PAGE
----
Book review: Dispatches from the Peninsula, by Chris Tharp
Chris Tharp of Busan Haps fame tells all in his newest autobiographical tale!
I’m sure that’s he’d like the headline to read, at least. The Signal 8 Press book, split into twenty-ish relatively long chapters, will sound familiar to anyone that has called Korea home for more than a couple of months. Perhaps it’s a sign of the times, but not much has changed between Chris’s introduction to Korea circa 1999, my own in March 2008, and the one I gave to my new co-worker mere weeks ago. People still drink soju in massive quantities (the better for workplace connections), the foreigner community is still fragmented and jaded, and teaching English is still a fairly safe haven for people with college degrees and clean background checks. Koreans are still trying to start conversations in broken English, sometimes sounding a little too proud for ekeing out ‘Hello!’ or ‘Where you peu-rom?’ to the white face.
Rewind your Korean story back to when you first arrived. Remember all those stories you traded at the bar (and the ones you might still tell the newbies you run across)? They’ve been compiled into one, politically incorrect volume for reminiscing, remembering, or sharing. From starting a hagwon job to using connections to land a university job, Chris’s exploits exude a sort of everyman perspective. If you’re new to Korea, the stories serve as a decent introduction on what to expect; if Korea has been home for awhile, it might shock you into doing something with your time here.
For better or worse, Chris calls it as it is, no bullshit, and there’s no defending local practices the rest of us have all but accepted. That’s perhaps one reason I find his like for kimchee, as he calls it, genuine. I never get the sense that he’s leading the audience down his particular rabbit hole, as he stays in fairly typical expat territory – drinking, traveling, friends, encounters with the locals, and so on. I haven’t yet had my motorcycle stolen from a student, but the underlying emotions and morals are all familiar.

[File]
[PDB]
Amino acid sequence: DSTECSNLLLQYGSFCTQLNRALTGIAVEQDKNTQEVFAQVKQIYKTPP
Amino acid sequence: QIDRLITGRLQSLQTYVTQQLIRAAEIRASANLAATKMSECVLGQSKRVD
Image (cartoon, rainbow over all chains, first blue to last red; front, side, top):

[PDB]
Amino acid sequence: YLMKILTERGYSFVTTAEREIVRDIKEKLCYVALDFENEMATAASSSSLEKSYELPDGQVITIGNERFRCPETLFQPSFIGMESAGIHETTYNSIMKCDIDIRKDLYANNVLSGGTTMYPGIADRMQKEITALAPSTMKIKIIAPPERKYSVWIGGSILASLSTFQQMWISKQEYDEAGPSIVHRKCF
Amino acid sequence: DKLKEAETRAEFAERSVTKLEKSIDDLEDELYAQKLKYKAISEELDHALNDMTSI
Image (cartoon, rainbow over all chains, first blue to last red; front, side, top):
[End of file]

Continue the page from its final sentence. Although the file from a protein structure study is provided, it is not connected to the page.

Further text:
The interludes interspersed throughout the book are at best random, and aren’t as related to the ongoing narrative as they should be. Thankfully, one chapter naturally flows into the next, and the only sense of time that passes is either the urge to visit the bathroom or get another drink.
One highlight is the complete version of the Babopalooza story – something the vast majority of expats (myself included) don’t have in their institutional memory. If you’ve been in Korea for more than a few months, you’ve likely heard the story of some theater people in Busan that got busted after a performance of satire (of both Korean and Western culture). That horror story has been passed down and mangled enough times that it was nice to read the full account from the source.
Despite the ample soju stories and people met, Chris never seems too detached from family, as a chapter on the author’s father can attest. Additional chapters on his mother and grandfather cement the familial connection. Live here long enough, and you’ll eventually have to confront the mortality of those you love – and how to respond to that unalterable fact. I really enjoyed how Chris honored Korean tradition and his family at the same time.
If there’s a complaint to register about the book, it’s that it’s a memoir. As someone more interested in creating my own stories than reading about someone else’s, there wasn’t a particular must-read moment for me. Memoirs can make for interesting stories, of course, and can serve as a welcome alternative to the flowery prose from recruiters or the cynical horror stories overheard at the expat bar.
The ending comes a bit abruptly, somewhat like a car braking suddenly on the interstate for no apparent reason. The pre-release PDF version I received ended with a conversation about the Yeonpyeong-do bombing – an event significant enough for the history books, but one that will date the memoir significantly. In the eyes of this reviewer, the hero needs to ride off into the sunset with a sense of timelessness.
As a whole, the book is eminently readable in one sitting, and easily thrown in a bag for reading on the subway. It’s surprisingly readable no matter the setting – I took in the first couple chapters while at work and finished it over a couple beers in front of the local Family Mart. It’s a rare book that fits in either setting.
Purchase the e-book or the printed version of Dispatches from the Peninsula on Amazon. If you live in Seoul, Itaewon’s What the Book will have printed books for sale.
Disclosure: Chris in South Korea received a review copy of the e-book.
© Chris Backe – 2011
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